St. Patrick's Cathedral

James Gulliver Hancock began the monumental project after moving to New York in 2009.

American Museum of Natural History

Drawing buildings became a way for him to make sense of his overwhelming surroundings.

25 Sutton Place

"I love the daily buildings, the sometimes overlooked buildings, and bringing out their details," Hancock tells Co.Design.

The Apple Store

Says the artist: "Really, the project is about making New York more real for myself and building up relationships with buildings I spend time with and draw."

1 Central Park South

"I think by focussing on certain particular objects," Hancock tells Co.Design, "you can build up a stronger affinity with that object. If I drew oranges all day, I would feel confident I could draw an orange any time."

Flatiron Building

Hancock doesn’t overlook the important New York City monuments.

Strand Bookstore

But he also documents neighborhood institutions.

Chrysler Building

How could he not include the Chrysler Building?

9 St. Mark's Place

How could he not include the Chrysler Building?

New Museum

How could he not include the Chrysler Building?

210 Lafayette Street

How could he not include the Chrysler Building?

83 Mott Street

How could he not include the Chrysler Building?

1 Thomas Street

How could he not include the Chrysler Building?

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An Artist Attempts To Draw All The Buildings In New York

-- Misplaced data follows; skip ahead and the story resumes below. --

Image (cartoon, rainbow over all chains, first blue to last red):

John Gulliver Hancock still has a ways to go, but you can check his progress so far in a new book.

John Gulliver Hancock has an obsession. The artist has taken it upon himself to draw every building in New York, an ambitious goal that he expects will extend "well after I’m dead."

This isn’t the first time he’s been drawn to an exhaustively obsessive, seemingly impossible project. Previously, he attempted to document all the rooftops in Paris, all the cars in Los Angeles, and all the bikes in Berlin. Australian by birth, Hancock has traveled all around the world, ritualistically recording objects as a means of familiarizing himself with foreign places. The buildings series began when he relocated to Brooklyn in 2009. As he writes in the introduction to his new book, All the Buildings in New York, cataloging has "become an almost ritualistic undertaking, a therapy of sorts, helping me to organize the overwhelming infinity and chaos of New York into something I can know and understand." And with each new building, he immerses himself deeper into a city that he once saw through a tourist’s eyes as a film set of pop-cultural references.

Hancock’s subjects run the gamut from the iconic to the prosaic—from must-see structures like the Chrysler building to lesser-known neighborhood fixtures like 75 1/2 Bedford Street. Uniting them all is a signature retro style of limited, washed-out colors underneath thick black lines.

He maintains that he has no favorites apart from whatever building he’s currently drawing. "It’s typical as a creative, I think, to be in love with what you are working on at the present moment," he tells Co.Design. "Like most relationships, the drawing process is a roller coaster full of love, frustration, and a sense of achievement."

Most of the buildings Hancock has drawn so far have been pulled from Manhattan’s cityscape, and he doesn’t expect to broaden his scope anytime soon: "I think New York is such an anomaly in its dense structure that it makes sense to focus [on that]."

See more on Hancock’s blog; the book is available here for $14.

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